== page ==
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eMedals-An Italian 24th Infantry Division Gran Sasso (later Pinerolo) Sleeve Badge

Item: EU13006

An Italian 24th Infantry Division Gran Sasso (later Pinerolo) Sleeve Badge

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An Italian 24th Infantry Division Gran Sasso (later Pinerolo) Sleeve Badge

Bronze gilt with black paint, unmarked, 48.7 mm x 61.8 mm, die-holes at all three points for uniform attachment, gilt wear and fine scattered chipping evident in the black paint, better than very fine.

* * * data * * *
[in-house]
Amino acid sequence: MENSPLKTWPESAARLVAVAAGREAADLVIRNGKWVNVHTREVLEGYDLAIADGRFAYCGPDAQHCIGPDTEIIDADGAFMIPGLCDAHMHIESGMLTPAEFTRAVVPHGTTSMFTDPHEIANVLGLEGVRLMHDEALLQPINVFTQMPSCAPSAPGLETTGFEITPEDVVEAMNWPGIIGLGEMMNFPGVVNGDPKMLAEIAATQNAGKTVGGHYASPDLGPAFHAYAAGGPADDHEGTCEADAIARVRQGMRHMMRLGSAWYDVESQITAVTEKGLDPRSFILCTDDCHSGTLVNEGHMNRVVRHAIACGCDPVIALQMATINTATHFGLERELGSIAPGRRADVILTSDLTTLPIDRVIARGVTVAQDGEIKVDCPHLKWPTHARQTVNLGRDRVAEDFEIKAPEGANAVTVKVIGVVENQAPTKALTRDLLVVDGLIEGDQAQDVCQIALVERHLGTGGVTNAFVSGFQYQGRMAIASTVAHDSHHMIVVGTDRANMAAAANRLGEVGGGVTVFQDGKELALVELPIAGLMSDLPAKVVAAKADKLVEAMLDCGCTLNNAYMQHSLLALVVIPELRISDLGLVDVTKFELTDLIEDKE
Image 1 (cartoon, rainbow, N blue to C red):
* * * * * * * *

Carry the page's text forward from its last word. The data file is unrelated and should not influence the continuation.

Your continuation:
Footnote: After the end of the First World War, the Pinerolo Brigade moved to Abruzzo and was garrisoned in the city of Chieti. In 1926, the brigade gained the 255th Infantry Regiment Arezzo and changed its name to XXIV Infantry Brigade. Along with the 18th Artillery Regiment the brigade formed the 24th Territorial Division in Chieti. In 1934, the division and brigade gained the name Gran Sasso and were forthwith known as 24th Infantry Division Gran Sasso and XXIV Infantry Brigade Gran Sasso. In 1935, the division was sent to Eritrea and participated in the Second Italo-Abyssinian War. The division operated in the Tigray Region and fought in the Battle of Shire. In 1939, the brigade lost the 255th Infantry regiment and was renamed 24th Infantry Division Pinerolo. This binary division consisted of only two infantry regiments (13th and 14th) and the 18th Field Artillery Regiment. In 1940, the Pinerolo took part in the Italian invasion of France. In January 1941, the division arrived in Albania, in order to stabilize the crumbling Italian front during the Greek counteroffensive in the Greco-Italian War. On January 18, 1941, the division was in Berat and entered the approaching front near Këlcyrë. The division fought defensive battles for the next month ending with the defense of Tepelenë. The division participated in the Italian Spring Offensive, and participated in a small offensive towards Ohrid in Macedonia during the German-led Invasion of Yugoslavia. In June 1941, the division transferred to Larissa in Thessaly, to suppress the growing Greek Resistance. During its time in Thessaly the Pinerolo division committed the Domenikon Massacre against Greek civilians. The division continued on anti-partisan duty until the Armistice between Italy and Allied armed forces of September 8, 1943. In the confusion after the armistice, the division was the only one in continental Greece to refuse German demands to surrender. While the Piemonte, Forlì, Modena, Casale and Cagliari divisions surrendered to the inferior German forces, the Pinerolo defended Larissa against German attacks and then retired towards the Pindus mountain range where it joined the Greek People's Liberation Army in fighting the Germans.

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